Juliet had Romeo. Tristan had Isolde. Abelardo had Heloise. Elizabeth Barrett had Robert Browning. And Don Jose had his Carmen, if only briefly. Love is both eternal and a seemingly eternal source for stories, plays and operas.
And what about pirates? Did they love and receive love in return? Or were they too busy sending broadside cannon fire and spreading grapeshot against frantically fleeing fat merchant ships, and, once having crippled their victims, launching grappling hooks followed by pirates with cutlasses in their teeth?
There are a number of instances in which pirates found love.
Partners in Piracy: Anne Bonny and Captain Calico Jack Rackham
Anne Bonny’s first husband was a shiftless pirate and sailor man by the name of James Bonny. As it transpired, he more than likely married her out of a desire to acquire the rich plantation of her equally rich father. This bore James Bonny no fruit, however, as his wise-to-him father-in-law disinherited his daughter after learning of their marriage.
With the plantation having slipped through his hands like hourglass sand, James Bonny relocated to the Bahamas with his new wife. There he got gainful employment as a stool pigeon to Woodes Rogers, governor of the Bahamas. (Rogers, incidentally, is also remembered for being on the ship in 1709 that rescued Alexander Selkirk, who is regarded as Daniel Defoe’s inspiration for Robinson Crusoe.) Bonny’s job was to turn in seamen– which ended up mainly being those he had longstanding grudges against– as pirates, and received a pretty reward for each head.
Anne Bonny soon grew to despise her rubber-spined husband. Before long she had met and departed to sea with one Calico Jack. This was a match made in pirate heaven. Anne Bonny was fiercely proud and defiant, and Calico Jack was big-spending and handsome and bold.
Anne Bonny fought alongside Rackham on their shipping raids. Bonny, skilled with both the pistol and cutlass, fought in men’s clothing, and proved as brave as any man. She was often seen at the head of boarding parties.
In late 1720, however, the governor of Jamaica sent an armed sloop to capture John Rackham and his crew. Rackham’s ship, named the Revenge, was taken by surprise early one morning. Anne and fellow female pirate Mary Read resisted bravely while the bulk of the crew cowered below deck.
Read and Bonny were captured, as were the rest of Rackham’s crew. After revealing their sexes, Read and Bonny “pleaded their bellies,” meaning that they were pregnant and therefore had the right to be spared death so long as they remained pregnant. Rackham was eventually hanged, while Read died in prison. Bonny alone escaped, having been bought out of jail by her rich plantation-owning father.
Mary Read and Anne Bonny: Lesbian Pirate Lovers, or Just Good Friends?
It has been suggested by historians for some time now that Read and Bonny were perhaps more than good friends. Firstly, there is the account of Rackham himself, who said that he discovered the two together in his cabin, with one of them naked.
Both women were also brought up in male clothing and seemed, in fact, to prefer it to female clothing. They also both spent time in New Providence, which had a thriving homosexual community at the time.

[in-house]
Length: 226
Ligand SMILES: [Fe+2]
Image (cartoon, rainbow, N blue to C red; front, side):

Bêlit and Conan: the Queen of the Black Coast Unites with a Barbarian from the Northlands
As a fictional female pirate, Bêlit features prominently in Robert E. Howard’s 1934 short story “Queen of the Black Coast” as the pirate lover of Howard’s most enduring character, Conan.
Bêlit is a ruthless and bloodthirsty pirate captain in command of a fast pirate galley known as the Tigress. Her crew number about 100 and are known as the Black Corsairs. The Black Corsairs revere her as a goddess. These are particularly fierce warriors who in combat use longbows, spears, clubs and shields.
Bêlit is said to be of royal Shemite blood and is driven by the desire to accumulate as much wealth as possible by raiding ships so that she might one day return to her kingdom at the head of a mercenary army and take power.
She had already won many battles by the time she meets Conan, the one true love of her life. She is intractably stubborn, materialistic, passionate and a skilled swords woman. When Bêlit and the Black Corsairs attack the vessel that Conan is on, there is a pitched battle. Conan’s crew is no match for the Black Corsairs and are soon swept away like wheat before a scythe. Conan, however, is a Cimmerian, bred to wield a sword and born on a battlefield.
Finally, Conan is the only man that remains alive on the deck of his ship. Impressed by his fierce fighting prowess, Bêlit spares Conan’s life and asks him to join the crew of the Tigress. This Conan does willingly; and soon — very soon — he becomes Bêlit’s first mate and lover. Together they become the terror of the black seas and win many battles together.
Howard describes the moment of their first encounter:
Her white ivory limbs and ivory globes of her breasts drove a beat of fierce passion through the Cimmerian’s pulse, even in the panting fury of battle. Her rich black hair, black as a Stygian night, fell in rippling burnished clusters down her supple back. Her dark eyes burned on the Cimmerian. She was untamed as a desert wind, supple and dangerous as a she-panther.
So potent and undying is Bêlit’s love for Conan that she later returns from the dead to save him from a winged ape-like creature at the very moment Conan was about to be killed.